April 29, 2010

Avian Aspergillosis: Respiratory Tract Infections in Birds

Filed under: Pet Birds,pet health,Pet Symptoms,pets,respiratory infections — Dr. Amber Reed @ 1:52 pm

Bird owners are probably aware that respiratory tract infections are quite common in pet birds, especially Aspergillosis.This condition is caused by a fungal infection in the bird’s airways and the subsequent illness can be quite serious.Depending on the type of infection, Aspergillosis in birds can be associated with a variety of symptoms.Generally speaking, there are two forms of Aspergillosis in birds: acute and chronic.

Avian Aspergillosis Acute bird aspergillosis is more often seen in young or recently imported birds and the symptoms tend to last only a short while despite being more severe.The main symptoms of the acute form of this respiratory tract infection include lack of appetite, breathing problems, and possibly death.In fact, left untreated, aspergillosis in birds causes air sacs in the lungs to become inflamed and the bird’s lungs may become congested with white mucus.On the other hand, chronic aspergillosis in birds is more common in older, captive birds.The infection may develop over a long period of time with several symptoms becoming apparent over the course of the illness.Listlessness, loss of appetite, weakness, depression, and breathing difficulties are the main symptoms of the chronic form of this bird respiratory tract infection; moreover, some of the symptoms may become permanent.Bone changes may occur and the upper respiratory tract may become misshapen.Chronic aspergillosis can also spread to the nervous system which causes tremors, loss of coordination, and in severe cases paralysis.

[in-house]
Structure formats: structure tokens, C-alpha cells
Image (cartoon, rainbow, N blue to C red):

Avian aspergillosis is caused by fungal contamination of food or water sources in addition to nest boxes, incubators, and ventilated regions. This particular bird respiratory tract infection may also have a variety of environmental causes but when it’s caught early it can be treated therefore any time you notice respiratory tract issues in your bird, visit a veterinarian immediately.

About Dr. Amber Reed

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